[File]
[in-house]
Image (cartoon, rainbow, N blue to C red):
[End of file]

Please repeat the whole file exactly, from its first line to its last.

[in-house]
Image (cartoon, rainbow, N blue to C red):